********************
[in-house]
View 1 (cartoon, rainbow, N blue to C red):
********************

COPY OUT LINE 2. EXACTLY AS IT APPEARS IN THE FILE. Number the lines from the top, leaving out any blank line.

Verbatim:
View 1 (cartoon, rainbow, N blue to C red):